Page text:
Oliphant House in Haifa

Oliphant and his wife, Alice, settled in Palestine, dividing their time between a house in the German Colony in Haifa, and another in the Druze village of Daliyat al-Karmel on Mount Carmel.[5] Oliphant's secretary Naftali Herz Imber, author of the Israeli national anthem, Hatikva, lived with them.[6]

In 1883, Oliphant wrote Altiora Peto. In 1884, he and his wife collaborated on Sympneumata: Evolutionary Forces Now Active in Man together. The following year, Oliphant wrote a novel, Masollam.

Final yearsEdit

In December 1885, Oliphant's wife became ill and died on 2 January 1886. Oliphant, also stricken, was too weak to attend her funeral.[2] He was persuaded that after death he was in much closer contact with her than when she was still alive, and believed that she inspired him to write Scientific Religion. In November 1887, Oliphant went to England to publish the book.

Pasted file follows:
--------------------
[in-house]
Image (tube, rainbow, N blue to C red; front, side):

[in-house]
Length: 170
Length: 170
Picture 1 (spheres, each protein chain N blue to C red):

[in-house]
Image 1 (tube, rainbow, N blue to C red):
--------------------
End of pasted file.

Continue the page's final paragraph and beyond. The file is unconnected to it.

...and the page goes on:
Grave of Oliphant in Twickenham Cemetery in 2014

In 1888, he traveled to the United States and married his second wife, Rosamond, a granddaughter of Robert Owen in Malvern. The couple planned to return to Haifa, but Oliphant took sick at York House, Twickenham, England, and died there on 23 December 1888. His obituary in The Times said of him, "Seldom has there been a more romantic or amply filled career; never, perhaps, a stranger or more apparently contradictory personality."


  1. ^ "Reference to Sir Anthony Oliphant and the introduction of Tea to Ceylon". Retrieved 7 August 2009.
  2. ^ a b Anne Taylor (1982). Laurence Oliphant. Open University Press.
  3. ^ Amit (November 2007). "Thomas Laurence Oliphant: Financial Sources for his Activities in Palestine in the 1880s". Palestine Exploration Quarterly. 139 (3): 205–212.
  4. ^ The Christadelphian Magazine, Birmingham 1884, 1886
  5. ^ Zeal for Zion: Christians, Jews, & the Idea of the Promised Land, Shalom Goldman
  6. ^ "Streetwise: Rehov Oliphant, Haifa". ' Jerusalem Post

Further readingEdit

External linksEdit

Parliament of the United Kingdom
Preceded by
James Caird
Member of Parliament for Stirling Burghs
Succeeded by
John Ramsay